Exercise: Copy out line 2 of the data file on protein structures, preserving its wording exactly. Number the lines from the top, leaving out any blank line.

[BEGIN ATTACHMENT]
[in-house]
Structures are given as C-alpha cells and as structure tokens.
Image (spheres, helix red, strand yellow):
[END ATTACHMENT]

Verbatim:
Structures are given as C-alpha cells and as structure tokens.